More air travel chaos is coming!

This summer is the summer for discontent.

Oliver Thansan
Oliver Thansan
01 July 2022 Friday 17:15
7 Reads
More air travel chaos is coming!

This summer is the summer for discontent. Shakespeare didn't actually write "Richard III," but it's what airline passengers in Europe and the US are seeing.

The schedules of flights are disappearing -- some at the very last minute, as airlines fail offer services that travelers have paid a lot of money for. This weekend, more than 1,500 flights were cancelled in the US. The US is also heading into the busy July 4 holiday weekend.

Delta Air Lines has cut about 100 flights per day from its July schedule to "minimize disruptions" in order to prepare for "unprecedented passenger volumes" since the pandemic. Air Canada said it would cancel approximately 150 flights per day in July and August.

As delays in security, check-ins, and immigration increase, airports see more passengers queuing up at the doors of their terminals or camped out in departure halls.

Passengers were asked to arrive earlier in order to board their flight. To add confusion, they were asked to return to their seats as soon as possible. Amsterdam's Schipol Airport reminded passengers this week that they are only allowed to arrive at the departure area four hours prior to their flight.

The luggage problem is another issue. Photographs taken at London's Heathrow airport show huge bags that have been separated from their owners. This is a typical example of the frustration faced by many passengers who are trying to find lost items or waiting days to be reunited.

No quick fixes

Air travel is, in general, a nightmare and even a risk. High season is just beginning.

There is no quick fix. Lufthansa, a German airline, sent out an email to passengers this week warning them that things are unlikely to improve in the near future. It also stated that stability will only be achieved in winter.

It stated that "too many employees are not available, both at our infrastructure partners and in some of our own areas." "Almost all companies in our industry are currently recruiting new staff, with many thousand in Europe alone."

Even if the problem is primarily airport-related, it can still lead to flights being delayed or canceled. KLM, a Dutch airline, was forced to cancel all inbound European flights from Amsterdam due to airport crowding.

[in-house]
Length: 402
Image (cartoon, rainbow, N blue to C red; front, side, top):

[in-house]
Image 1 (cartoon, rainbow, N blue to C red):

What's the problem? Although commercial aviation may seem like rocket science, the current problems facing airports and airlines are not. It's a more common business problem: staffing.

The aviation industry should have seen it coming.

'No surprise"

Henry Harteveldt (principal at Atmosphere Research), says that airline executives ought to have realized -- and should have known -- that there would still be strong demand for travel.

"Either they didn’t look at their data or misread it or misinterpreted it, but none should have come as a surprise to airlines."

The problem in almost all cases is that too many people with experience were laid off during the pandemic.

This qualification point is crucial. It is not easy to obtain a security pass to allow you to fly on an aircraft or to enter an airport gate.

The UK is also restricted from drawing on the European Union workforce after Brexit.

It is also common to have some very complicated training in order to actually do the work. This is not surprising considering that many air travel computer systems look more like they were made in the 1980s, rather than the modern iPhone and Android.

Addison Schonland is a partner at AirInsight. He defines the most likely affected sectors as any part of the aviation analysis and reporting company AirInsight.

Schonland states that while layoffs can be easy, it is difficult to bring people back with the appropriate security clearance. "The US airlines have a reputation as unreliable employers. The boom and bust cycles of the US airline industry mean that they are not reliable. Additionally, the work is difficult and requires skilled workers. These people are likely to have more appealing options.